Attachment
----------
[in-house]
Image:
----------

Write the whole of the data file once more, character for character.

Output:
[in-house]
Image: